And yes, I’m sure that we all understand the scale of it.

  • Fr.Thomas Poovathinkal

    SOME WOMEN THINK WITH THEIR FEELINGS. NEVER MIND, AFTER ALL WE ARE ALL SINNERS.

    IT IS FOR THE SALVATION OF SINNERS THAT THE SON OF GOD CAME.

  • Fr.Thomas Poovathinkal

    ALL TRUE SEEKERS GLORIOUSLY DISCOVER THE CHURCH OF ST.PETER AND LEAP INTO HER LAP OUT OF SHEER JOY TRUE DISCOVERY.

    THE NON-SEEKERS BEGIN AND END UP IN THE WORTHLESS INHERITANCE RECEIVED FROM THEIR FORE FATHERS.”THE OLD IS GOOD”, THEY KEEP ON SAYING TO THEMSELVES AND TO THEIR OWN KIND.

  • JessicaHof

    No doubt the Mrs. Mantels of the day were sniffy about Our Blessed Lady when she became with child by the Holy Ghost. The ‘unrespectable’ Church continues to venerate her, as Christians always have. Perhaps that, too, offends those who think we should now be beyond such fidelity to the universal tradition of Christians?
    http://jessicahof.wordpress.com/2012/05/18/mary-as-theotokos-the-tradition-of-the-church/ 

  • http://twitter.com/sanabituranima Sanabitur Anima Mea

    I, for one, wouldn’t want her to be. She’s rude and wrong, but it would be ridiculous to bring the law down on her head.

  • WSquared

    Karl, good things happen to bad people, and bad things happen to good people.  The Catholic Church does not teach that everything bad that happens in the world happens due to to our sins– that somehow, my being mean to someone throughout my life, just because I could, caused that tsunami.  In the book of Job, Job lost everything despite being righteous.  When he puts in the dock, God asks him, “Where were you when I laid the foundation of the earth? Tell me, if you have understanding.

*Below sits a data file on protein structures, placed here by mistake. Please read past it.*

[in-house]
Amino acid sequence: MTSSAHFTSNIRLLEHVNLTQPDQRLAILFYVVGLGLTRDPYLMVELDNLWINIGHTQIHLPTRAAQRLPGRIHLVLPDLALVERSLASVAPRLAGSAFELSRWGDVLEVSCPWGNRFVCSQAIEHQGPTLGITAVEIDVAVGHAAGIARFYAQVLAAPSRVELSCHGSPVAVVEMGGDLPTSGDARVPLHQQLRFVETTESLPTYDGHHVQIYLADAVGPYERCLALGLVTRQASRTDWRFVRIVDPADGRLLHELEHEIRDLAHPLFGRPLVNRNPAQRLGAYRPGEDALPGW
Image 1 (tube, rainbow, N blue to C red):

Who determined its measurements—surely you know! Or who stretched the line upon it? 
    On what were its bases sunk, or who laid its cornerstone
    when the morning stars sang together and all the heavenly beings shouted for joy?”Or who shut in the sea with doors when it burst out from the womb?” [Job 38]

    Again, God does work in mysterious ways.  Natural disasters, disease and afflications are not created by man, but God does allow them to happen to bring about a greater good– a good that only He knows at a time that He knows.  It is not necessarily heartless of Him, for example, to have deprived, say, a person of their sight, whereupon that person chooses not only to live with it, but live gracefully.  Supposing that blind person also does awesome things that they might have never done in the past when they were taking their sight for granted living a life of “like, whatever.”

    Likewise, supposing you were wealthy or indeed poor, and in either case, you were always grousing about never having enough, and always selfish despite nonetheless having a lot more than you realize.  Then a tsunami comes about, and you lose everything.  You have to build from scratch.  And what’s more, so does everybody else around you.  All of you yoke together and help each other out.  In the process, you forget yourself.  You have become less selfish.  You’re on the way to learning to see everything in your life as a gift: other people, your talents, even your sufferings, for they keep you humble.  Being less selfish turns you away from turning inward upon yourself and looking outward toward God.